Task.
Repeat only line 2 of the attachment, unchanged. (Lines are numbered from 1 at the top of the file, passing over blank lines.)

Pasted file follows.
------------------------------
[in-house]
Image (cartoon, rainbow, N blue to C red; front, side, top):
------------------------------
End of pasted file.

Image (cartoon, rainbow, N blue to C red; front, side, top):